These tramps — they weren’t real tramps, but rather poor people trying to find work — followed the railroad mostly; but once we counted seventy-five who passed by our house in only a few hours. Nothing was done to help people then. There were no subsidies from the state or national government, although a few became town charges and that was one of the big expenses of the town at that time. Some of the tramps begged along the way and were fed, but none were ever arrested for vagrancy.”
Practically all the income we had
“At that time my mother had a home dairy and sold butter for twelve cents a pound and we had a sugar orchard and made sugar for six and seven cents a pound. My mother also raised a flock of turkeys that brought only twelve and fourteen cents a pound dressed. That was practically all the income we had. Those were very hard times. The depression lasted seven or eight years. Things didn’t get better until along in the 80’s.”
“My mother made all of our clothes, even the men’s suits and overcoats. I never had a ready-made suit until I was sixteen. Mother made suits and overcoats for other people sometimes, though it wasn’t very profitable. They paid her only $1.00 or $1.50 for her work.”
“Times weren’t half as easy for people then as now. Money was scarce and we had no modern farm equipment to make work easier. You didn’t get far from home very often, for when you made a trip it took time and a lot of trouble. Each little group of neighbors made a community by themselves, doing things for each other and all enjoying the same kind of good times.”
“They had lyceums every winter in the district where I lived; and they used to gather — every school house full (over a hundred people sometimes) to discuss the different problems of the day. The townspeople had regular debates from the platform and a committee decided who won. Those lyceum meetings were about the only entertainment we had except church. Once in a while they had kitchen dances, out they didn’t have orchestras like they do now. They only had an old-fashioned violin player. The lyceums were one of the pieces where the young men used to take their ‘best girls’.”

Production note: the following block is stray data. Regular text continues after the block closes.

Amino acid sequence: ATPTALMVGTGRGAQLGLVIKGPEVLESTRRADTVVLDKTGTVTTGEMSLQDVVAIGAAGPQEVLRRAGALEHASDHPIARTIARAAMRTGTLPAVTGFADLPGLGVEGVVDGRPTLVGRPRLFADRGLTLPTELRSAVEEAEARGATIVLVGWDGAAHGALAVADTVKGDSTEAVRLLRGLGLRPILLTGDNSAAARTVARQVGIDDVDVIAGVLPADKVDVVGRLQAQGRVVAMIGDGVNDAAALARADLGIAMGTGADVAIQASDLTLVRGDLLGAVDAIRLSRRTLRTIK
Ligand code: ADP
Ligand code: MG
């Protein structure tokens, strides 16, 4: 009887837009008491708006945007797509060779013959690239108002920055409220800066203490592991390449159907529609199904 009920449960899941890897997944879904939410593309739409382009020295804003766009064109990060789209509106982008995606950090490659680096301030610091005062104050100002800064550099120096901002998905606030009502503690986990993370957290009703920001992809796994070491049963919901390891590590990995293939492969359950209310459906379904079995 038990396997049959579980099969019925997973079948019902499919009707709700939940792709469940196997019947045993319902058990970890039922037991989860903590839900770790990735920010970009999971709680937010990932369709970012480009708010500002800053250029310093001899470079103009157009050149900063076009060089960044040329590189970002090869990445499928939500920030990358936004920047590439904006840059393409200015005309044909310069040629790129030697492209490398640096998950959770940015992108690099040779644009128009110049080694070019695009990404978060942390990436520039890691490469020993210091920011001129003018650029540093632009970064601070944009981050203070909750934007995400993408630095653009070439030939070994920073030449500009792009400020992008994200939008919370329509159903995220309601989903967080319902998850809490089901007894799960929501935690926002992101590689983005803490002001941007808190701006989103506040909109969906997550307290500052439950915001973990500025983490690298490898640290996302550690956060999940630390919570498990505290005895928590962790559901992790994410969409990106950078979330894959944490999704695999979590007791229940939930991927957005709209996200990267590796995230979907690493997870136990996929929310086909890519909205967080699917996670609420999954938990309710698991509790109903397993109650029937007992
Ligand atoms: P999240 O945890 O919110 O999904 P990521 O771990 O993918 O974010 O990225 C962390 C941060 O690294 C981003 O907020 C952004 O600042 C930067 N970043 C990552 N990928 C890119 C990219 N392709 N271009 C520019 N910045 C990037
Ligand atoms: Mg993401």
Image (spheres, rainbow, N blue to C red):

Boys were satisfied with very little
“You know when I was young , boys were satisfied with very little. If I went to the cattle show and had ten cents I thought it was a lot. Give a boy ten cents today and he doesn’t think it’s anything. The present generation have too much. They don’t appreciate anything. They’ve come to the end. There’s no thrill left in anything. They’re more discontented. We had to work hard and we didn’t have all of the modern conveniences they have nowadays, but I think we were move happy. It isn’t that I disapprove of advancement — for I have electricity here at the farm, a furnace, a radio, an electric washing machine, running water, a bath room — and my son owns a car. It is only that I believe such things have contributed to the discontent of the present generation.”
“Young people didn’t drink or smoke when I was young. The young men might take a glass of hard cider once in a while but there was no heavy drinking like there is nowadays. People were mighty strict when I was a boy. On Saturday night we always had to begin to keep Sunday. Sunday was from sun-down Saturday night until sun-down Sunday night. My grandmother, who lived with us, was very strict. If any of us went out to play Saturday night she would say to my father, ‘Edwin, you get those boys right in here.’ We couldn’t 4 even work on Sundays. They had a lot of respect for the Sabbath in those days. Almost everyone went to church. It was a meeting time for the townspeople and after church they got together and talked. Now they hold meetings only once a year in the church I attended. They’ve lost so much that is important. and worthwhile. I don’t suppose it could be helped. Life just speeded up and the young people speeded up with it, but it’s too bad. I’m glad I lived my life in calmer days – weren’t easy days, but they were a lot happier to my mind.”
Mr. Dodge was lost in thought. There was a faint smile on his wrinkled face as he sat patting Mickie and thinking far away and long ago thoughts. It was time to go. Mr. Dodge was seeing things we never knew.